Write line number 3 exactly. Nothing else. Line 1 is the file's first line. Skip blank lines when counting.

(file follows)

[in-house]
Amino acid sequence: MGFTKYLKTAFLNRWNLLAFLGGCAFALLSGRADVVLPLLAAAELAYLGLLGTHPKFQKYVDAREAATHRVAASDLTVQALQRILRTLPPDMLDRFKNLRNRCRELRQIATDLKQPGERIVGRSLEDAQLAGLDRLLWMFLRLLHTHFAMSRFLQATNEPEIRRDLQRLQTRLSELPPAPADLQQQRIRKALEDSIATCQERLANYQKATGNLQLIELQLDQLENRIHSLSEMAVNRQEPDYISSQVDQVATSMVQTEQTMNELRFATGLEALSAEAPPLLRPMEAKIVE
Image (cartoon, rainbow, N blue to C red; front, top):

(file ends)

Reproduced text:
Image (cartoon, rainbow, N blue to C red; front, top):